Santander has run into a little friction with security professionals, after the bank’s help desk tangled with customers over its lack of support for third-party password managers. “Why do you block pasting a password from a password manager? Your security advice is normally excellent” queried one user on Twitter.
He was told in no uncertain terms: “The bank would ‘never recommend using third party password managers. It is no longer possible to use these for security reasons”.
“England, this stuff is getting ridiculous”
The policy drew cries of frustration from many, including well-known information security author Troy Hunt; founder of the “Have I Been Pwned” website (which lets users see if their email account has been compromised).
He responded: “OK England, this sort of stuff was funny for a while and I appreciate the laughs, but it’s starting to get a bit ridiculous. Can one of you pop down to @santanderukhelp HQ and straighten this mess out?”
He added to Computer Business Review: “Resistance to pasting passwords is very rare these days and orgs usually end up acknowledging the shortcoming and fixing it. It’s absolutely backwards and against the advice of security pros.”
The UK’s National Cyber Security Centre agrees. In an earlier blog post, the centre’s “Emma W” responded to the question: “Shall I use a third part password manager” with a categorical “yes, password managers are a good thing.”
She added: “They give you huge advantages in a world where there’s far too many passwords for anyone to remember. For example:
- they make it easy for you to use long, complex, unique passwords across different sites and services, with no memory burden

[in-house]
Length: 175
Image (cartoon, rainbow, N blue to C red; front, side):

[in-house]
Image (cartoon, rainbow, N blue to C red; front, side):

- they are better than humans at spotting fake websites, so they can help prevent you falling for phishing attacks
- they can generate new passwords when you need them and automatically paste them into the right places
- they can sync your passwords across all your devices, so you’ll have them with you whether you’re on your laptop, phone or tablet
“All these things are full of win. They reduce security friction – making security easier and more convenient. If security is difficult, tedious, appears to add no value or gets in the way of the main task we’re trying to do, then we tend to find (insecure) ways around it. And then we end up less protected.”
Santander remained unpersuaded. The bank told Computer Business Review: “We discourage the use of any system which would allow another person to gain access to or use the customer’s password or other security details. This may include some forms of password manager such as those built into browsers”.